The phenolics do not press on wood.
They press against each other.
I'm assuming the shafts and the butt have the same collars.

The wood threads do wear out and/or compress/expand.

I'm a bit slow sometimes, please forgive: does that mean you disagree with the premise? I can't yet tell if I agree or disagree, since I'm just trying to make sense of it.

Greetings from Switzerland, David.
_________________

„J'ai gâché vingt ans de mes plus belles années au billard. Si c'était à refaire, je recommencerais.“ – Roger Conti
 

DD Custom Cues

Cues by Drew
Silver Member
Do you mean a real sneaky style cue with no collars on shaft or butt just wood? If so I've had to reface a lot of that style cue for that reason. The wood compresses and the cue doesn't roll straight. A lot of makers won't build that style anymore for that reason.
 

manwon

"WARLOCK 1"
Silver Member
I don't see why the phenolic collars would compress too.
The phenolics do not press on wood.
They press against each other.
I'm assuming the shafts and the butt have the same collars.

The wood threads do wear out and/or compress/expand.


I agree with you Joey, I don't know what else they could mean.
 

rhncue

AzB Silver Member
Silver Member
I agree somewhat with the maker. A shaft MAY need tuned after a while of use caused by a different climate, damper or drier conditions from where it was made or a tiny speck of dirt becoming embedded in the face of shaft or joint. It is a very easy fix which only takes a couple of minutes and anyone with an I.Q. over 57 should have no problem curing. I don't want to post how to do it on the open forum but if you want send me a PM and I'll explain how to make it run as true as a freight train.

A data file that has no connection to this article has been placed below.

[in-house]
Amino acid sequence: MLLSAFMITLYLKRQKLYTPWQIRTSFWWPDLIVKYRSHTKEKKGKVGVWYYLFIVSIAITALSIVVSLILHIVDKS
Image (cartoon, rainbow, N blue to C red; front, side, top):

Dick
 

cueman

AzB Gold Member
Gold Member
Silver Member
I agree somewhat with the maker. A shaft MAY need tuned after a while of use caused by a different climate, damper or drier conditions from where it was made or a tiny speck of dirt becoming embedded in the face of shaft or joint. It is a very easy fix which only takes a couple of minutes and anyone with an I.Q. over 57 should have no problem curing. I don't want to post how to do it on the open forum but if you want send me a PM and I'll explain how to make it run as true as a freight train.

Dick

I surprised with all the really great info you have shared through the years that you would hold back on something someone with an IQ of 58 could grasp.
If you have a top secret trick that is more than just refacing the joint please PM me. I will keep it a secret at least until I forget it was supposed to be a secret, or until the five year statute of limitations on keeping cue building secrets expires, which ever comes first. :smile: